When Mike Scioscia left the Los Angeles Dodgers organization after three decades as a player and later coach to take the reins over for the Anaheim Angels in 2000, could people have known at the time that he has become Major League Baseball's equivalent of Mike Holmgren? Consider that current Tampa Bay Rays manager Joe Maddon, Milwaukee Brewers manager Ron Roenicke and San Diego Padres skipper Bud Black are among the Scioscia apprentices that have moved elsewhere, with the first two currently in the 2011 postseason with their clubs. Scioscia came close to bringing his team to the dance also, his fourth appearance in the last five seasons if it happened. Though it didn't, his record still remains impressive, and the culmination of the hard work, the 2002 World Series, comes to DVD in a Collector's set.
The 2002 Angels season was a strong one in general, with the lineup being bolstered by outfielder Garrett Anderson's 29 home runs, 123 runs batted in and .306 batting average. Staying on the left side of the field, third baseman Troy Glaus' 30 homers and 111 RBI helped provide an additional source of offense for a team that finished second to the Oakland A's in the chase for the American League West pennant. On the mound, Jarrod Washburn, Ramon Ortiz and Kevin Appier helped account for 47 of the team's 99 wins (against 63 losses), and in the bullpen, Troy Percival and his 40 saves were as automatic a bet out there. Yet at the time with the New York Yankees looming on the horizon, the Angels' chances had to be considered modest at best. Yet the Wildcard Angels beat the East Champions three games to one in a best-of-five series, and four games of five in a best-of-seven series against the Minnesota Twins, and faced their intrastate foes San Francisco Giants in the 98th installment of the World Series. The Series was also notable in that home run slugger Barry Bonds was making the first World Series appearance in his career.
The fall classic was not without its drama, to be sure. With the two games at Anaheim, the Giants won the first 4-3 despite two Glaus homers, and the second was an 11-10 slugfest, with the Angels' longtime veteran Tim Salmon hitting his second homer of the night in the bottom of the eighth inning to take and hold onto the lead, despite a massive Bonds homer in the ninth. Moving to San Francisco, after a Game Three when the Angels won 10-4 behind consecutive four-run innings in the third and fourth, the Giants won the first game 4-3 on a David Bell single in the bottom of the eighth inning, and blew the Angels out 16-4 in Game Five. With the Giants up 3-2, winning one of the next two would be difficult, but not impossible. They didn't help their cause in Game Six, blowing a five-run lead to six Angel runs in the last two innings of the game to lose 6-5, and in the decisive Game Seven, rookie pitcher John Lackey held the Giant bats to four hits in five innings, and the bullpen (ending with Percival) sealed the deal for the Angels.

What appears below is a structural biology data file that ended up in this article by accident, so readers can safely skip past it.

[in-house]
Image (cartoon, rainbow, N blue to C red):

In terms of the presentation, A&E and Major League Baseball continue to make even the most maudlin series look good, and while the series was decent, the packaging of each disc in its own slimline case with box score and various trivia on it will never get old for me. Moreover, A&E continues to hear the consumer's pleas and have included every game in the Series, rather than each postseason win from the Halos. It makes going through the ups and downs a worthwhile journey.
While Scioscia's run this year, while valiant, proved fruitless, at the very least he can continue to root for Roenicke (Maddon's Rays were eliminated by the Texas Rangers). And if that eludes him, at the very least he can bring the band back together and finally watch this accomplishment on DVD as opposed to tape, and he (and we) can enjoy it properly.
Full-frame video for all of the games. As always, any faults within the material are inherent, but this presentation is a little sloppier than most. The New York Fox affiliate logo shows up during game play at least once, and the Major League Baseball logo is present through every pitch. The set is also a nice trip through time, with Fox advertising behind home plate during the action. Hey, who's up for a Boston Public marathon? Nobody? OK. Regardless, the set it what it is, and nothing more.
Dolby two-channel stereo for all of the discs. As is the case with recent World Series DVD releases, the option of listening to the Fox feed or the Angels radio team is available, with the latter being my personal preference. As it stands, everything happens in the front of the soundstage and sounds clear and without concern. One note I did want to bring up: during the first game, Bonds hits a towering homer in the second inning, and upon Joe Buck's proclamation of Bonds as "Baseball Royalty," some accompanying regal-ish music plays during his home run trot. Note to Fox: don't try to be so clever, you fail miserably at it.
Visions of thunder sticks and rally monkeys, but in terms of extras, nothing.
The Collector's Edition of the 2002 World Series is another solid jewel in the A&E/MLB video library. That said, the set is lackluster technically, making it feel like a thrown together offering. Worth picking up if you or yours are an Angels fan, or if you want to revisit an above average Series from two good teams.